For example, consider when a product is going through a “fad” due to celebrity endorsement or something similar. Forecasting models will notice the increased sales, and still utilize the historical seasonalities, to generate accurate forecasts. For instance, if Oprah endorsed avocados, you might see an increase in avocado sales during the weeks following the endorsement. The models will quickly recognize that sales are increasing and will account for the change in trend. After a while, when everyone has moved on from the avocado fad, sales will trend downward until they stabilize back to where they were previously.
Picking out the start of the fad, the turning point of the fad, and the end of the fad gives us 3 different points where our sales didn’t behave as they had previously. This allows us to account for those periods without messing up our future forecasts.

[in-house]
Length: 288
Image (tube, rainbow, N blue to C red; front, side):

Forecasting Sales and Market Saturation
Similar to the example above, not all kinds of forecasts deal with data that constantly increase or decrease with regular behavior. Sometimes, we will have a forecast that saturates at some market cap.
When sales are expected to plateau at a certain point, you can generate a forecast that predicts how you are going to reach that saturation point based on how you have been growing toward it historically. The downside to this method is that, either intuitively or from market knowledge, you need to know at what point your sales are going to saturate. If that saturation point isn’t known, you may vastly overestimate or underestimate the point. This can lead to a highly inaccurate forecast and potentially drive your company in the wrong direction. On the other hand, if you have a good idea of the sales saturation point, this form of forecasting can be quite useful for predicting how you will reach it over time.